• Give your child attention and praise when she follows instructions and shows positive behavior and limit attention for defiant behavior like tantrums. Teach your child acceptable ways to show that she’s upset.

For more information, please visit CDC’s website: https://www.cdc.gov/ncbddd/childdevelopment/positiveparenting/index.html

Preschoolers (3-5 Years of Age)

Development Milestones

As children grow into early childhood, their world will begin to open up. They will become more independent and begin to focus more on adults and children outside of the family. They will want to explore and ask about the things around them even more. Their interactions with family and those around them will help to shape their personality and their own ways of thinking and moving. During this stage, children should be able to ride a tricycle, use safety scissors, notice a difference between girls and boys, help to dress and undress themselves, play with other children, recall part of a story, and sing a song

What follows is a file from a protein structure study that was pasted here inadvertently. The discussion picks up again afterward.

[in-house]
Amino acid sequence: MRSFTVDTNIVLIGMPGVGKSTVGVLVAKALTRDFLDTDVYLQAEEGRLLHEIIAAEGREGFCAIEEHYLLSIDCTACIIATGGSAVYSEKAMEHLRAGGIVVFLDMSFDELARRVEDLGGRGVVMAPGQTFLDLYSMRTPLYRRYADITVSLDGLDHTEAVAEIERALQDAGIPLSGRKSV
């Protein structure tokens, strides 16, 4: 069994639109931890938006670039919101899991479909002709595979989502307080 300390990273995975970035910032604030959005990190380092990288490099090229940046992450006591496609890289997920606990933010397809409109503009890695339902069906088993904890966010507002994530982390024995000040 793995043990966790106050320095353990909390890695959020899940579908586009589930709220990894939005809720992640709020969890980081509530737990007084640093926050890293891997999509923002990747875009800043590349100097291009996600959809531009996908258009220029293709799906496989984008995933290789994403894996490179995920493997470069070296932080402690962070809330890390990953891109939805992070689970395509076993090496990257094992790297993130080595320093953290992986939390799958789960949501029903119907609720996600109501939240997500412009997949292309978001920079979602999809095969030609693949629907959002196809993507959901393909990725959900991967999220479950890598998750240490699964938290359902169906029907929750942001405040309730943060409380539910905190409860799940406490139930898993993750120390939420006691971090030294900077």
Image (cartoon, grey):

Positive Parenting Tips

Following are some things you, as a parent, can do to help your preschooler during this time:
  • Continue to read to your child. Nurture her love for books by taking her to the library or bookstore.
  • Let your child help with simple chores.
  • Encourage your child to play with other children. This helps him to learn the value of sharing and friendship.
  • Be clear and consistent when disciplining your child. Explain and show the behavior that you expect from her. Whenever you tell her no, follow up with what he should be doing instead.
  • Help your child develop good language skills by speaking to him in complete sentences and using “grown up” words. Help him to use the correct words and phrases.
  • Help your child through the steps to solve problems when she is upset.
  • Give your child a limited number of simple choices (for example, deciding what to wear, when to play, and what to eat for snack).

For more information, please visit CDC’s website: https://www.cdc.gov/ncbddd/childdevelopment/positiveparenting/index.html